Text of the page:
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Editorial Board A Refereed Monthly International Journal of Management
Prof. B. P. Sharma
(Editor in Chief)
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 Editorial Team

Dr. Devendra Shrimali
Dr. Dharmesh Motwani
 

Role of Commodity Futures Trading in Triggering Commodity Spot Prices in India

-A Study with the Crop Potato

 

Dr. Bidisha (Sarkar) Datta

Faculty

Department of Commerce

Sivanath Sastri College

Kolkata, West Bengal

India

Contact number- 9830189266

Email Id- bidishadatta@rediffmail.com

Postal address- 1, Ruby Park(south)

Santivihar Apartment

Flat 22B,4th Floor

Kolkata 700078

ABSTRACT

Commodity derivatives markets in India have been growing at stupendous rates since its full fledged allowance in 2003. However it has always remained under the scanner for its alleged role in triggering prices in the corresponding spot markets. This has also led to off and on bans on trading of accused commodities. Tthis paper aims to investigate into the role of derivatives trading in trigerring the spot prices. The methodology adopted looks into whether the spot returns in the selected commodity potato has changed after introduction of futures trading in comparison to the periods when trading was absent. The findings suggest that there has been no statistically significant change in returns or variances in periods where futures was allowed and when it was not being done.The article concludes that potato futures trading has not impacted the potato spot prices in India.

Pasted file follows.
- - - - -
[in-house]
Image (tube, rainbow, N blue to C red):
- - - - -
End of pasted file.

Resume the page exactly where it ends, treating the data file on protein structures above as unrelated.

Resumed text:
Key words: Commodity Derivatives, Spot Price, ANOVA, Kruskal Wallis Test

Introduction